The company started back in 1940. We initially had products for horticulture markets, mainly in apples and pears. We then satrted to expand our range and from the 1960’s we started offering innovative products dedicated to turf management. 

These days we sell a wide range of products in horticulture and turf. We also offer a range of post harvest protection products for citrus, cherries, grapes, vegetables, potatoes and apples as well.

Our products are either made locally or are sourced from reputable suppliers we have been dealing with for quite sometime from US, Japan and Europe. In fact we have some partnerships  with suppliers that have spanned over 40 years.

Some of the well known achievements of Colin Campbell (Chemicals) Pty Ltd turf divisions has been


  •  Introduced mancozeb to the turf market


  • First liquid thiram (this is taken for granted now as before the late 80’s thiram in a liquid was very difficult to formulate as a stable product)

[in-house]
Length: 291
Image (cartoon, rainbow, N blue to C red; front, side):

• Developed 3 way herbicides in Methar Tri Kombi and Sportsground which are still just as reliable today as they were back 30 years ago.
  •  Introduced Pennside in 1985- microencapsulated diazinon inseciticde which was not only effective but gave longer residual and safety benefits over any other insecticide available at the time. This was the first microencapsulated insecticide introduced to Australia.
  • Devloped Tru blue the first acid dye spray indicator to be widely used in turf management


  • In 1971 we introduced Daconil (chlorothalonil) into Australia and continued to reformulate the product from a powder to a liquid in the 80’s and 90’s but always keeping the essence of broad spectrum disease control and superior sticking capabilities. Since 2003 we have changed the name to Dacogreen 720 and most recently in 2009 developed Dacogreen WeatherShield formulation which utilises the original source of the active ingredient  and superior surfactants to give even better sticking capabilities and results on a wide range of diseases


  • 2002 introduced propamocarb to turf as Proplant- the strongest pythium fungicide that has both preventative and curative propertites
  • In 2009 we introduced Blazon spray indicator technology to a wider market in Australia. Blazon is a non-staining polymer colourant that does not stain your skin, equipment or turf like acid dyes can. As we say “No more looking like a smurf”
  • Introduced Monstar (flutolanil) on permit for fairy ring control in 2011 Further work is being carried out for registration on fairy ring and Rhizoctonia.